Muckrock by Gabrielle Rosenthal
August 20, 2019
This year, Food & Water Watch joined MuckRock to investigate water privatization efforts in the United States. Together, we filed state-level public records requests to the 100 largest water systems in the country. As a summer intern at Food & Water Watch, I have spent much of my time following up on these requests. Here are some tips that I picked up that could help as you file your own requests – plus some interesting findings!
Why Water Privatization?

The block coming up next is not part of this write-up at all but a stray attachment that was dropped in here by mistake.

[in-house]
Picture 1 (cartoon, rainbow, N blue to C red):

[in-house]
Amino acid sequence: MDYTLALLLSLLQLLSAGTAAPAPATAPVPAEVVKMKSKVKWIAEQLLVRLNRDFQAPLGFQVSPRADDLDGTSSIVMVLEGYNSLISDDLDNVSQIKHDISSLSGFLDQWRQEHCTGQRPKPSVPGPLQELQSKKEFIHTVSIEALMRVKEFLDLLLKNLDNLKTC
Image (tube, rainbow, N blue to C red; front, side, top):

Water privatization occurs when a private corporation takes control of a public water or sewer system by either buying or operating the utility. The industry’s track record has shown that this is a process that harms communities and customers. When private companies are in charge, they are not accountable to the public the way that local governments are, leaving the community with no transparency and little input. Privatization also usually leads to higher water rates than public water service — on average, bills cost 59 percent more — and consumers see more frequent rate increases. Despite their promises, private companies generally have worse customer service despite higher operating costs, and privatization usually leads to job losses. Because of all of these threats to communities’ access to safe and affordable water service, we wanted to assess the status of the country’s largest public water systems to see if they were considering or in the midst of privatization.